Yoruba is not the original only one of the root bloodlines that ruled over the African. Africa is the birth place of the African, all our sacred knowledge and traditions are contained by societies in Africa ruled by royal families. Oduduwa came from the East as did many Africans when the Nile civilization crumbled. 12th century it's Mamluks ruling in Egypt and Middle East. These were sodomite soldiers raised as Christians are like the Islamic were intolerant to African philosophy which Prince Oduduwa taught.

Filter out the bias towards Yoruba or any Nigerian ethnic group or religious thought because alot has changed in these many centuries.

Well, Oduduwa didn't teach anyone as you have imagined because the name was a link between the descendants and their ancestor, who was the chosen one to bear the kingly lineage. If you can grapple with this, then you will understand the reason Oduduwa has become the most popular name within the Yoruba 's world for family pride , economic benefit , traditional benefit etc. As far as I am concerned the man was a spiritualist.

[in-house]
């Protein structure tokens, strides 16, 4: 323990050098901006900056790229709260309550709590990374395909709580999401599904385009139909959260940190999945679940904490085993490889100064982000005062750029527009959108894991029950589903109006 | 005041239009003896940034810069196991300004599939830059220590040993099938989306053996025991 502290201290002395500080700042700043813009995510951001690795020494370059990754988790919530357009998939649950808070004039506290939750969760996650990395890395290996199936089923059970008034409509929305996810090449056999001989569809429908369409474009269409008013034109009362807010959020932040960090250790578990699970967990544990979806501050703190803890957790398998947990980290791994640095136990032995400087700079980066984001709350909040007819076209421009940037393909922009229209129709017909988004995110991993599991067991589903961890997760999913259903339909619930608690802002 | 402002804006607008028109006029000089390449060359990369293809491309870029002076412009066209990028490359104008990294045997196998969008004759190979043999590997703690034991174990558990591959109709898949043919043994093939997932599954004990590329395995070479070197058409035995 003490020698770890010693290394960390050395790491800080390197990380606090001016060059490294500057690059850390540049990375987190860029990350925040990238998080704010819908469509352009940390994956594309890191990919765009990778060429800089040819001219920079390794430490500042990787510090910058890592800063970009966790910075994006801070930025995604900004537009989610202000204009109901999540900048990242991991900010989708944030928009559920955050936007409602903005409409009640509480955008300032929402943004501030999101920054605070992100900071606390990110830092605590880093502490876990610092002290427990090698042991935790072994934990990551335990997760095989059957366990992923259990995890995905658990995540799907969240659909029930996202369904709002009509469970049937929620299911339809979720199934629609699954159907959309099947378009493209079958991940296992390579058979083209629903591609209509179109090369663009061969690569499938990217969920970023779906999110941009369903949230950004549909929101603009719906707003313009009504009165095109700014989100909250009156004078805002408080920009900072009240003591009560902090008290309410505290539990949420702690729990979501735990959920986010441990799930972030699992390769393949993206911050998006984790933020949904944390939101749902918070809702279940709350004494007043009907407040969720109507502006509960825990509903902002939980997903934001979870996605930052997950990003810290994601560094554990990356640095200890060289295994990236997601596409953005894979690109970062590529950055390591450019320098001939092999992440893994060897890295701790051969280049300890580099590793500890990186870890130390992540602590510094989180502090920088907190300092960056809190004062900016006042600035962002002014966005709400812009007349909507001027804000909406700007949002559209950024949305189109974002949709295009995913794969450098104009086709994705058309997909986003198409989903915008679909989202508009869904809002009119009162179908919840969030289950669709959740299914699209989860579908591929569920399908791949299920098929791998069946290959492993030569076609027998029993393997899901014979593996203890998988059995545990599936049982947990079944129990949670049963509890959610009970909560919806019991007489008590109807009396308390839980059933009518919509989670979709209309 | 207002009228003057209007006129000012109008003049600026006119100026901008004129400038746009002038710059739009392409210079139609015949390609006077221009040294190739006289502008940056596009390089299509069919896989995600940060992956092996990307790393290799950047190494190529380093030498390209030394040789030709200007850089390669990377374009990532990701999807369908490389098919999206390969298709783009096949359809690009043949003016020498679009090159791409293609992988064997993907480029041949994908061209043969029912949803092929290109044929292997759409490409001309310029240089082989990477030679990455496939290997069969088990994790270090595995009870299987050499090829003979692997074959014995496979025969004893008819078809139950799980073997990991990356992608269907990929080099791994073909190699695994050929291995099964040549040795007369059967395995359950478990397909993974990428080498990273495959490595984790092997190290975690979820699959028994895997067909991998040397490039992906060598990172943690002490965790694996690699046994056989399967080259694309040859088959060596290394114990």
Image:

Re: Who Are These Yorubas? by lx3as(m): 10:38pm On Jan 06
bluke:

do you speak ife language? can you help translate this paasage into it. i need to do a comparison with some paleo-hebrew text.
No, only understand the dialect but speak Ekiti.

1 Like

Re: Who Are These Yorubas? by KingSango(m): 11:41pm On Jan 06
Olu317:


Well, Oduduwa didn't teach anyone as you have imagined because the name was a link between the descendants and their ancestor, who was the chosen one to bear the kingly lineage. If you can grapple with this, then you will understand the reason Oduduwa has become the most popular name within the Yoruba 's world for family pride , economic benefit , traditional benefit etc. As far as I am concerned the man was a spiritualist.